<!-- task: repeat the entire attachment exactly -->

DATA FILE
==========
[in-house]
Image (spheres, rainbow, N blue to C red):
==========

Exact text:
[in-house]
Image (spheres, rainbow, N blue to C red):